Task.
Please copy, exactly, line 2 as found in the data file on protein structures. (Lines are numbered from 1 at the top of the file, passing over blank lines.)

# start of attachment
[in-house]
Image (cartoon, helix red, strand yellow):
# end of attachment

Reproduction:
Image (cartoon, helix red, strand yellow):